Education, Knowledge, and Reality: British East India Company Attempts to Frame Education Policy

Document Type


Degree Name

Master of Science (MS)



Date of Award

Spring 2014


The East India Company of the late-eighteenth century was charged with establishing a governing structure after conquering much of the territories with which it conducted business. Although the Company retained the structure of a trading entity, British political leaders insisted that further justification for its activities abroad was required. Imperial ideology now focused on the Company’s new role as ruler-administrator and a new-found responsibility to “improve” the peoples it controlled. The “improvement” process was a multi-faceted endeavor designed to transform Indian society. One of the most important aspects of that process was imparting “enlightened” Western knowledge, and developing a system of educational institutions was vital to accomplishing the task. Enacting policies concerning the delivery of education however, proved far more complicated than British leaders and thinkers originally anticipated. Company administrators discovered that the social, political, and religious realities of colonial rule created an environment that required adaptive policy development rather than a universal code, especially in the case of education. Consequently, the ideas flowing from the British metropole did not unilaterally influence the emergence of a colonial education system. Decisions made in distant London were often impractical when applied to India. Consequently much of the colonial education project emerged from the experiences of those on the ground in India. Lack of knowledge about the complexities of Indian society combined with the significant ideological disunity of British leadership to hinder the implementation of definitive education policy. The works and correspondence of officials and educators, both Indian and British, demonstrate the circuitous development of Company education policies influenced by the realities of colonial rule.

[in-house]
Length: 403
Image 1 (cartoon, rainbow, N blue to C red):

William F. Kuracina

Subject Categories

Arts and Humanities | History